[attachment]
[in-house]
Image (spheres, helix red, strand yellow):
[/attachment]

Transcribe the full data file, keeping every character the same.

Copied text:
[in-house]
Image (spheres, helix red, strand yellow):